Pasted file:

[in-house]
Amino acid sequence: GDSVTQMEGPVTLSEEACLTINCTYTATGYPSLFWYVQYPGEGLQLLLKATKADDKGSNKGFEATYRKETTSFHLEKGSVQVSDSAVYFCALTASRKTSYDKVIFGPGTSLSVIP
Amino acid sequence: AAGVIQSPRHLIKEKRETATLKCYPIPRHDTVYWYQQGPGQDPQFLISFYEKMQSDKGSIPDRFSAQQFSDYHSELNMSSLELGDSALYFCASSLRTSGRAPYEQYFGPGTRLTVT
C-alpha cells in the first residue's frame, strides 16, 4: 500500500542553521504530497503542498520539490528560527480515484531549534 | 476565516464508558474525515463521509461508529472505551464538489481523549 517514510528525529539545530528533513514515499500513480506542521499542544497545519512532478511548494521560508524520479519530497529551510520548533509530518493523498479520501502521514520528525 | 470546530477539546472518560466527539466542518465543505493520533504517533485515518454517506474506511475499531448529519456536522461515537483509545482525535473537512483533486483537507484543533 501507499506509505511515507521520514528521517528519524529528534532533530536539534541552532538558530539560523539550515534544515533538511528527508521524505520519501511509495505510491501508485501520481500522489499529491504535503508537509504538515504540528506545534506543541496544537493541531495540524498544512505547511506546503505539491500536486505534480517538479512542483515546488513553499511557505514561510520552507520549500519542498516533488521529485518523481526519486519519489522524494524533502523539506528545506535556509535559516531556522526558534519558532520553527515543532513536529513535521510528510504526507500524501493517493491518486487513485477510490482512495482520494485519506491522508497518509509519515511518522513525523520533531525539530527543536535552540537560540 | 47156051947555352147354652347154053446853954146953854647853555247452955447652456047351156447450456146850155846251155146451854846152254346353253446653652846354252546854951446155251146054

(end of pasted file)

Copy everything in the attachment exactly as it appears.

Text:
[in-house]
Amino acid sequence: GDSVTQMEGPVTLSEEACLTINCTYTATGYPSLFWYVQYPGEGLQLLLKATKADDKGSNKGFEATYRKETTSFHLEKGSVQVSDSAVYFCALTASRKTSYDKVIFGPGTSLSVIP
Amino acid sequence: AAGVIQSPRHLIKEKRETATLKCYPIPRHDTVYWYQQGPGQDPQFLISFYEKMQSDKGSIPDRFSAQQFSDYHSELNMSSLELGDSALYFCASSLRTSGRAPYEQYFGPGTRLTVT
C-alpha cells in the first residue's frame, strides 16, 4: 500500500542553521504530497503542498520539490528560527480515484531549534 | 476565516464508558474525515463521509461508529472505551464538489481523549 517514510528525529539545530528533513514515499500513480506542521499542544497545519512532478511548494521560508524520479519530497529551510520548533509530518493523498479520501502521514520528525 | 470546530477539546472518560466527539466542518465543505493520533504517533485515518454517506474506511475499531448529519456536522461515537483509545482525535473537512483533486483537507484543533 501507499506509505511515507521520514528521517528519524529528534532533530536539534541552532538558530539560523539550515534544515533538511528527508521524505520519501511509495505510491501508485501520481500522489499529491504535503508537509504538515504540528506545534506543541496544537493541531495540524498544512505547511506546503505539491500536486505534480517538479512542483515546488513553499511557505514561510520552507520549500519542498516533488521529485518523481526519486519519489522524494524533502523539506528545506535556509535559516531556522526558534519558532520553527515543532513536529513535521510528510504526507500524501493517493491518486487513485477510490482512495482520494485519506491522508497518509509519515511518522513525523520533531525539530527543536535552540537560540 | 47156051947555352147354652347154053446853954146953854647853555247452955447652456047351156447450456146850155846251155146451854846152254346353253446653652846354252546854951446155251146054